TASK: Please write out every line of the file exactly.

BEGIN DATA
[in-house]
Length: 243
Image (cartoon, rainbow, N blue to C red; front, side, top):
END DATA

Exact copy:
[in-house]
Length: 243
Image (cartoon, rainbow, N blue to C red; front, side, top):